Pima County is looking for the public's reaction to a new fire prevention plan.
The plan has been dedicated to the Granite Mountain Wildland crew who were killed June 30, 2013 in Yarnell, Arizona.
"Best we can tell, these guys probably lost their lives because they were going to protect structures," says Dugger Hughes, a Battalion Chief for Northwest fire who spent 40 years fighting wildfires. "Whenever structures are threatened, we become more aggressive trying to get in and save those structures."
And that plays a large role in the Pima County Community Wildfire Protection Plan.
The plan surveys five million acres to determine which parts of the county are most at risk.
But there's little in the plan which talks about how people can take action to protect their homes.
There is nothing about penalties for non compliance or enforcement.
Instead the plan will be used to determine risk, and hopefully, to receive federal dollars which will help mitigate the risk.
It's in response to the Healthy Forests Restoration Act passed by Congress in 2003.
President George Bush came to Arizona and Summerhaven on Mount Lemmon a few months after he signed the bill.
He had a perfect backdrop to promote his efforts.
"Within sight of where we stand are the results of wise forest policy and the ruins of unwise forest policy" he said at the time.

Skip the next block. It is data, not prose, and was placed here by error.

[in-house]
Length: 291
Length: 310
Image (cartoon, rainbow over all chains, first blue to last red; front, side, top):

It was less than two months after the Aspen fire destroyed much of the town.
"It will give us he opportunity to go after grant money to go into good work in the local area," Hughes says.
Reducing the threat to homes also reduces the risk to firefighters.
"We don't have enough firefighters out there to protect every home," Hughes says.
Homeowners who take the time to protect themselves "typically survive the fire and they don't put firefighters in harm's way."
It's recognized that even though there has been an aggressive education program, many areas remain a high risk, usually because the homeowners don't recognize the risk.
Neighborhoods where alleyways are grown up with dead weeds and tumbleweeds can be a hazard to an entire community.
People don't typically clean those areas because they don't often realize the risk.
Some of the highest risk areas in Pima County include the Catalina Foothills and the Tucson Mountains.
Those are areas where homes may sit on one to three acres and are surrounded by vegetation.
"Embers can travel a quarter mile to a mile," Hughes says.
A fire will create its own wind and blow the embers across a wide swath.
If homeowners don't take the time to clean an area, it can be risky because firefighting equipment can't reach some of the more rugged areas.
It's hoped the dollars that may come to the area will also help promote awareness.
"We hope homeowners will take the time to protect themselves," Hughes says.
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